Editor’s note: This story is part of a series of profiles of notable fall 2023 graduates.
It’s understandable that Ellie Smith initially chose to study at Arizona State University because, as she said, it's “warm” here. Hailing from rainy Portland, Oregon, Smith gravitated toward this warmth, which didn't just stem from the higher temps. Smith met like-minded creatives who helped validate her choice of major and made her feel the warmth of belonging to a community — one that she would fully immerse herself in.
Smith is graduating in December from ASU with a bachelor's degree in film (film and media studies), which is a humanities-focused degree in the Department of English. She rounded out her analytical, critical studies with practical experience by completing an industry-focused internship, participating in two summer film institutes at UCLA — where she pitched her first pilot — and studying art and architecture abroad in Rome. She also added a minor in film and media production from ASU’s Herberger Institute.
Smith has been involved in on-campus organizations including the Programming and Activities Board, Maroon and Gold Entertainment, the Association of Filmmakers, and the American Marketing Association, where she holds a marketing committee leadership position. She competed at the national level at the International Collegiate Conference in New Orleans, where the ASU chapter was recognized as one of the top 25 in the nation.
Due to her overall achievement and engagement in her chosen field, Smith was awarded The College of Liberal Arts and Sciences Dean’s Medal this fall for the Department of English.
“The judges were impressed by Ellie’s simultaneous proficiency in several different creative and entrepreneurial enterprises,” wrote the selection committee. “We note that she published poetry in two editions of the Lux Undergraduate Creative Review (and) that she was selected as a speaker at the first annual Film and Media Studies Showcase, where she read her own essay on performances of femininity on reality television.”
“Finally, Ellie runs her own film production company, where she designs and executes social media marketing and has produced several short films that she has written and directed, having been selected for the Maroon and Gold Entertainment Showcase two semesters in a row. The committee believes that Ellie has used her time at ASU to spectacular effect. She has taken full advantage of the opportunities offered here, and she has contributed a great deal in return. She is an eminently deserving candidate for this award, and we wish her every success in her future endeavors.”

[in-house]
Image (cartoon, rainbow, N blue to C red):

We caught up with Smith as she put the finishing touches on her final projects to ask a few questions.
Editor's note: Answers may have been edited for length or clarity
Question: What was your “aha” moment, when you realized you wanted to study in your field?
Answer: I was a really shy kid, but I always had stories running through my mind. Before I learned to read, I would hold open a chapter book and read out loud to my friends and family, letting my imagination guide me. I wrote short stories on my dad's legal notepad and made him type them up for me so I could illustrate. As I grew up and got involved with my local children's theater, I had opportunities to write scenes for the stage. This, combined with my love of movies, TV, and pop culture, made film and media studies seem like the perfect path for me.
I am a firm believer that a theoretical understanding of film from an analytical perspective is fundamental to filmmaking. Having the opportunity to produce two of my own short films throughout my time in college has let me apply some of that knowledge to amateur moviemaking. Watching my stories come to life on screen is a crazy phenomenon. I obviously enjoy the path I'm on, and I hope my career is filled with just as much passion and purpose.
Q: What’s something you learned while at ASU — in the classroom or otherwise — that surprised you or changed your perspective?